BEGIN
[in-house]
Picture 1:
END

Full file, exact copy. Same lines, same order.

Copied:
[in-house]
Picture 1: